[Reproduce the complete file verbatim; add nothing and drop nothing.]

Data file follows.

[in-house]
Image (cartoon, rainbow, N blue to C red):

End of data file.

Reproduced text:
[in-house]
Image (cartoon, rainbow, N blue to C red):